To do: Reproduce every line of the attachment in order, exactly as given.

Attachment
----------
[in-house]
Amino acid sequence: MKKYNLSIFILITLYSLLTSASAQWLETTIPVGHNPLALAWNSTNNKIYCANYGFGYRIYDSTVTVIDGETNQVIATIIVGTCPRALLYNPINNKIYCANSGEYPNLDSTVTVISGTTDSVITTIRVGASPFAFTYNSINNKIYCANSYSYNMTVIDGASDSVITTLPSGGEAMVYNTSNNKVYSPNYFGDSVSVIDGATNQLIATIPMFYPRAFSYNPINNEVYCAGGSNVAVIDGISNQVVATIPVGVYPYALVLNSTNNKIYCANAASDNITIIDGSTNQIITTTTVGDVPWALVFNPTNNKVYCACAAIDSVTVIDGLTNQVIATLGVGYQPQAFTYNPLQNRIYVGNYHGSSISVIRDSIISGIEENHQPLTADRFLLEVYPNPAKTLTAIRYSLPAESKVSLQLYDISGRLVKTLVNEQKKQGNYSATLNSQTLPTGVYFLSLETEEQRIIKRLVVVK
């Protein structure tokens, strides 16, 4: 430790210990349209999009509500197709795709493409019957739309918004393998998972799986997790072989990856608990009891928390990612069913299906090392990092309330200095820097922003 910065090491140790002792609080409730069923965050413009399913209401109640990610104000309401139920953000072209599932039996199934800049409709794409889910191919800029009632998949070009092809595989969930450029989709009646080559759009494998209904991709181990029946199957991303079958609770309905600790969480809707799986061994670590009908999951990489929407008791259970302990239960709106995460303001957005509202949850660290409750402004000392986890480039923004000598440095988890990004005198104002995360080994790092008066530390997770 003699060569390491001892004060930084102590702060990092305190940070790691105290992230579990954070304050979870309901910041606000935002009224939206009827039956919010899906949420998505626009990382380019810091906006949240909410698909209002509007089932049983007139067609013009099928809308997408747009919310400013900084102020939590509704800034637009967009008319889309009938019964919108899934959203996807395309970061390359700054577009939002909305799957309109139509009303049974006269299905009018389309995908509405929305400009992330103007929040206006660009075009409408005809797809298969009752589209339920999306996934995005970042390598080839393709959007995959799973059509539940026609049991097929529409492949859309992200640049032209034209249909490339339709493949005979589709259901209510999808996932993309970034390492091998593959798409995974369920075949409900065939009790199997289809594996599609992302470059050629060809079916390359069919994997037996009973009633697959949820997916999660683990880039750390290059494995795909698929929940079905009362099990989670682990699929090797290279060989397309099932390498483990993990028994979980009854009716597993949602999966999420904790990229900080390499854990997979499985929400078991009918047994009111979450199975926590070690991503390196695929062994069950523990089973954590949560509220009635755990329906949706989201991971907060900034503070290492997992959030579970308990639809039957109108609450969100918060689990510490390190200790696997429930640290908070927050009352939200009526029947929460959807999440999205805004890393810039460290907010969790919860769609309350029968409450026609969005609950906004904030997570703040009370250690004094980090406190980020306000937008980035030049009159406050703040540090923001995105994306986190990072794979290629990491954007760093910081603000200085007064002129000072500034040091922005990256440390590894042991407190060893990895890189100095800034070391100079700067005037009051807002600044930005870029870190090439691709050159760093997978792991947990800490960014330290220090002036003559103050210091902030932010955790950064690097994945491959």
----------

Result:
[in-house]
Amino acid sequence: MKKYNLSIFILITLYSLLTSASAQWLETTIPVGHNPLALAWNSTNNKIYCANYGFGYRIYDSTVTVIDGETNQVIATIIVGTCPRALLYNPINNKIYCANSGEYPNLDSTVTVISGTTDSVITTIRVGASPFAFTYNSINNKIYCANSYSYNMTVIDGASDSVITTLPSGGEAMVYNTSNNKVYSPNYFGDSVSVIDGATNQLIATIPMFYPRAFSYNPINNEVYCAGGSNVAVIDGISNQVVATIPVGVYPYALVLNSTNNKIYCANAASDNITIIDGSTNQIITTTTVGDVPWALVFNPTNNKVYCACAAIDSVTVIDGLTNQVIATLGVGYQPQAFTYNPLQNRIYVGNYHGSSISVIRDSIISGIEENHQPLTADRFLLEVYPNPAKTLTAIRYSLPAESKVSLQLYDISGRLVKTLVNEQKKQGNYSATLNSQTLPTGVYFLSLETEEQRIIKRLVVVK
């Protein structure tokens, strides 16, 4: 430790210990349209999009509500197709795709493409019957739309918004393998998972799986997790072989990856608990009891928390990612069913299906090392990092309330200095820097922003 910065090491140790002792609080409730069923965050413009399913209401109640990610104000309401139920953000072209599932039996199934800049409709794409889910191919800029009632998949070009092809595989969930450029989709009646080559759009494998209904991709181990029946199957991303079958609770309905600790969480809707799986061994670590009908999951990489929407008791259970302990239960709106995460303001957005509202949850660290409750402004000392986890480039923004000598440095988890990004005198104002995360080994790092008066530390997770 003699060569390491001892004060930084102590702060990092305190940070790691105290992230579990954070304050979870309901910041606000935002009224939206009827039956919010899906949420998505626009990382380019810091906006949240909410698909209002509007089932049983007139067609013009099928809308997408747009919310400013900084102020939590509704800034637009967009008319889309009938019964919108899934959203996807395309970061390359700054577009939002909305799957309109139509009303049974006269299905009018389309995908509405929305400009992330103007929040206006660009075009409408005809797809298969009752589209339920999306996934995005970042390598080839393709959007995959799973059509539940026609049991097929529409492949859309992200640049032209034209249909490339339709493949005979589709259901209510999808996932993309970034390492091998593959798409995974369920075949409900065939009790199997289809594996599609992302470059050629060809079916390359069919994997037996009973009633697959949820997916999660683990880039750390290059494995795909698929929940079905009362099990989670682990699929090797290279060989397309099932390498483990993990028994979980009854009716597993949602999966999420904790990229900080390499854990997979499985929400078991009918047994009111979450199975926590070690991503390196695929062994069950523990089973954590949560509220009635755990329906949706989201991971907060900034503070290492997992959030579970308990639809039957109108609450969100918060689990510490390190200790696997429930640290908070927050009352939200009526029947929460959807999440999205805004890393810039460290907010969790919860769609309350029968409450026609969005609950906004904030997570703040009370250690004094980090406190980020306000937008980035030049009159406050703040540090923001995105994306986190990072794979290629990491954007760093910081603000200085007064002129000072500034040091922005990256440390590894042991407190060893990895890189100095800034070391100079700067005037009051807002600044930005870029870190090439691709050159760093997978792991947990800490960014330290220090002036003559103050210091902030932010955790950064690097994945491959």